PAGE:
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Murrysville physician's book examines in-home toxins

Patrick Varine
| Monday, Jan. 29, 2018, 12:03 a.m.
Dr. Rob Brown of Murrysville examines potential sources of toxins in staff writer Patrick Varine's home.
Patrick Varine | Tribune-Review
Dr. Rob Brown of Murrysville examines potential sources of toxins in staff writer Patrick Varine's home.
Dr. Rob Brown of Murrysville uses an electromagnetic field meter to measure radiation escaping from a microwave at staff writer Patrick Varine's home.
Patrick Varine | Tribune-Review
Dr. Rob Brown of Murrysville uses an electromagnetic field meter to measure radiation escaping from a microwave at staff writer Patrick Varine's home.

A series of unexpected nosebleeds got Dr. Rob Brown looking more closely at whole-home health.

"I was painting my living room at the time, and I started getting these nosebleeds," Brown said.

Eventually he was forced to go to the emergency room, but doctors could not find a specific cause. Brown ultimately traced it to the volatile organic compounds in the fresh paint.

"I aired out the house and waited two weeks before sleeping in my bedroom near the living room," he said. "I haven't had any nosebleeds since."

Brown, of Murrysville, began looking at other potentially unhealthy areas of his home and eventually wrote and published his first book, "Toxic Home/Conscious Home: A Mindful Approach to Wellness at Home."

"My mother was very health-conscious about food and healthy living, and it really led me to be very aware of how I feel in the presence of different things in my environment," he said.

During a tour of a Tribune-Review staff writer's home to identify potential toxins, Brown touched on some of the areas covered in his book.

Air quality

The volatile organic compounds that led to Brown's nosebleeds are difficult to pin down.

"There are long-term effects," he said. "They can affect our immune systems, they can cause cancer and the chronic effect is very hard to assess."

In order to remove particulates from the air, Brown recommended purchasing home-furnace air filters with a minimum efficiency reporting value, or MERV rating, between 5 and 12.

"Those are usually the pleated type of filters," he said.

Houseplants also have been shown to absorb several types of VOC, and Brown said putting one in as many rooms as possible goes a long way.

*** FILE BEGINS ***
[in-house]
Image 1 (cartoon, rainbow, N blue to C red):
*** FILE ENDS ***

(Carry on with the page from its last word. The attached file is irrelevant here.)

Too much energy?

Brown swept the house with a meter designed to pick up electromagnetic fields, or EMFs, which are far more prevalent in daily life thanks to modern conveniences like microwaves, cellphones and wireless routers.

The trade-off for convenience is that the body is constantly being bombarded by low- to mid-frequency radiation.

"They say modern microwaves don't leak radiation," Brown said as his EMF meter buzzed angrily and maxed out while standing up to 15 feet away from a running microwave. "But I haven't found one yet that doesn't. I got rid of my microwave several years ago."

When a cellphone emitted a pulse to check things like email and text messages, it registered as a spike on the EMF meter, and a wi-fi router constantly emits radiation as its sends its signal to all corners of the house.

Brown recommended keeping such routers in the basement, and if they must be kept in a bedroom or living area, that they be set on a timer, "to give your body a break, at least during the night."

The National Institutes of Health website defines this type of non-ionizing radiation as "generally perceived as harmless due to its lack of potency."

Brown is not so certain.

"You can see the EMF reading on the phone," he said. "I tell people to use their speaker-phone as much as possible. Don't hold it to your head."

In the kitchen

Brown's first piece of advice for the average kitchen: don't trust the water company.

"There are just too many things that can happen between the water treatment plant and your faucet," he said, recommending a counter-top water filter as well as ridding the kitchen of plastic water bottles (he prefers glass).

When it came to cleaning, Brown said chemical cleaners are not only hazardous, but many go too far in killing bacteria.

"You don't need to kill 99.9 percent of all bacteria," he said.

Online health forums are awash with combinations of vinegar, baking soda and lemon that can be used for cleaning.

"Vinegar is really good for you," he said. "It works a good alternative to Lysol and other cleaners."

Consuming vinegar is another healthy habit, he said, whether it's in the form of fermented foods like pickles, or simply adding a splash of apple cider vinegar to a salad.

One step at a time

All of Brown's warnings can seem a little overwhelming, especially when they are all pointed out at once.

He advised taking things one step at time.

"Make one small change," he said. "See if you notice a difference. Then make another, and another, and eventually you find it's not that difficult to eliminate potentially unhealthy things from your home."

"Toxic Home/Conscious Home" is available at and Barnes & Noble .

For more on Brown, see .

Patrick Varine is a Tribune-Review staff writer. Reach him at 724-850-2862, or via Twitter @MurrysvilleStar.

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